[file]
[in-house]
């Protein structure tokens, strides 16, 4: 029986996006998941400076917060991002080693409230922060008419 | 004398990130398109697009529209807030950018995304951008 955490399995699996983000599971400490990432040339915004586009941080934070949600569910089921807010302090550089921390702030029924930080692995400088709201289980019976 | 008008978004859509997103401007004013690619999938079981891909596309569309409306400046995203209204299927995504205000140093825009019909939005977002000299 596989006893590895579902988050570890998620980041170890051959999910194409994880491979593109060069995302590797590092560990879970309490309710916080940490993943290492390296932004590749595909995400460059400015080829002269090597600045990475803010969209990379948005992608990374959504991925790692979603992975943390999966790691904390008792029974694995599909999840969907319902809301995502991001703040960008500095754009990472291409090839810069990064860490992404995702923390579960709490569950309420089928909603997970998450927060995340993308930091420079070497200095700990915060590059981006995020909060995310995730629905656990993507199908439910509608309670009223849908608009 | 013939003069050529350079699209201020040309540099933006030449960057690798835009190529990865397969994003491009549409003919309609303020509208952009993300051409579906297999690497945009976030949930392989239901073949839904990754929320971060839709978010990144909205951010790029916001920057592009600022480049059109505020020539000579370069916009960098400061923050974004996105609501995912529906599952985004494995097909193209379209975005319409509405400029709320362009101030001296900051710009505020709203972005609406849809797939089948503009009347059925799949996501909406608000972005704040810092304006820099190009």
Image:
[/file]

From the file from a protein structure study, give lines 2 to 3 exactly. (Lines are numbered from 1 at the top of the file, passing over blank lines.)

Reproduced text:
């Protein structure tokens, strides 16, 4: 029986996006998941400076917060991002080693409230922060008419 | 004398990130398109697009529209807030950018995304951008 955490399995699996983000599971400490990432040339915004586009941080934070949600569910089921807010302090550089921390702030029924930080692995400088709201289980019976 | 008008978004859509997103401007004013690619999938079981891909596309569309409306400046995203209204299927995504205000140093825009019909939005977002000299 596989006893590895579902988050570890998620980041170890051959999910194409994880491979593109060069995302590797590092560990879970309490309710916080940490993943290492390296932004590749595909995400460059400015080829002269090597600045990475803010969209990379948005992608990374959504991925790692979603992975943390999966790691904390008792029974694995599909999840969907319902809301995502991001703040960008500095754009990472291409090839810069990064860490992404995702923390579960709490569950309420089928909603997970998450927060995340993308930091420079070497200095700990915060590059981006995020909060995310995730629905656990993507199908439910509608309670009223849908608009 | 013939003069050529350079699209201020040309540099933006030449960057690798835009190529990865397969994003491009549409003919309609303020509208952009993300051409579906297999690497945009976030949930392989239901073949839904990754929320971060839709978010990144909205951010790029916001920057592009600022480049059109505020020539000579370069916009960098400061923050974004996105609501995912529906599952985004494995097909193209379209975005319409509405400029709320362009101030001296900051710009505020709203972005609406849809797939089948503009009347059925799949996501909406608000972005704040810092304006820099190009």
Image: